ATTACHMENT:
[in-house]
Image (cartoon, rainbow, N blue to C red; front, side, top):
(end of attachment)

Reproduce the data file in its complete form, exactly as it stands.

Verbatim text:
[in-house]
Image (cartoon, rainbow, N blue to C red; front, side, top):